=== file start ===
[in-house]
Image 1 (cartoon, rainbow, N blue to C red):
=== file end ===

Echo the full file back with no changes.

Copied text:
[in-house]
Image 1 (cartoon, rainbow, N blue to C red):